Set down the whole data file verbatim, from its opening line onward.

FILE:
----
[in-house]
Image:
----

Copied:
[in-house]
Image: